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Push for Coastal Projects Shifts to Senate

November 17, 1985|DEAN MURPHY | Times Staff Writer

Officials in Redondo Beach and Rancho Palos Verdes, encouraged by a vote last week in the House of Representatives, are shifting lobbying efforts to the Senate in an effort to win federal assistance for water projects in their cities.

The House authorized nearly 400 water projects nationwide, including improvements to the breakwater and inner harbor at King Harbor in Redondo Beach and a study of measures to stop landslides in the Portuguese Bend area of Rancho Palos Verdes.

Even with the favorable House vote, local and federal officials say the proposed projects face a dubious future because of opposition in both the Senate and the White House to a massive water projects bill. The Senate version of the $20-billion bill does not include funding for the King Harbor and Portuguese Bend projects, and the Reagan Administration has protested the House legislation as too costly.

A water projects bill that included the same King Harbor and Portuguese Bend projects was approved by the House last year but died after the Senate was unable to come up with a version of its own.

Efforts to win federal funding for the local projects continue, nonetheless, as officials in Redondo Beach and Rancho Palos Verdes concentrate on the Senate. Sheila Schoettger, director of the Redondo Beach Harbor Department, said the city hopes to gain approval of the King Harbor project in the House-Senate conference committee, which will attempt to reconcile conflicting portions of the House and Senate versions of the legislation once the Senate passes its bill.

An aide to Rep. Glenn M. Anderson (D-Harbor City), who was active in passage of the legislation in the House, said the Senate should vote on its bill next month. The two versions would then be sent to the conference committee early next year.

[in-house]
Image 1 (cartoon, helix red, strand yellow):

"We are very hopeful that we will be included in the final legislation," Schoettger said. "We will be asking Sens. (Alan) Cranston and (Pete) Wilson to help us."

Rancho Palos Verdes Mayor John McTaggart said officials in his city are also hopeful that the conference committee will include their project in legislation sent to President Reagan.

"In the interest of coastal ecology, our bill is very significant in that the tide pools are pretty much devastated by the silt of the Portuguese Bend landslide for a mile of the coastline," McTaggart said. "It presents the opportunity to improve the coastal sub-tidal ecology."

The House legislation would authorize the Army Corps of Engineers to study the feasibility of reconstructing the shoreline in Rancho Palos Verdes to help stabilize the landslide area. Over the past 25 years, the hillside has moved more than 500 feet toward the ocean.

McTaggart said the study would be the first step toward building a sea wall near the landslide area. The sea wall, he said, would complement landslide stabilization and abatement projects that will be built with $2 million in state funds approved by the Legislature in September.

At King Harbor, the legislation would shift the burden for dredging and maintaining the inner harbor from the city to the federal government; provide funds for raising portions of the breakwater to a height of 22 feet, and authorize the Corps of Engineers to study the possibility of raising the breakwater even higher.

About half of the one-mile breakwater is 14 feet high, and Redondo Beach officials fear that high waves from a major winter storm could tear through the breakwater and damage businesses, homes and public property on shore. A major storm in 1983, which destroyed a portion of the breakwater, caused an estimated $2.7 million in damage.

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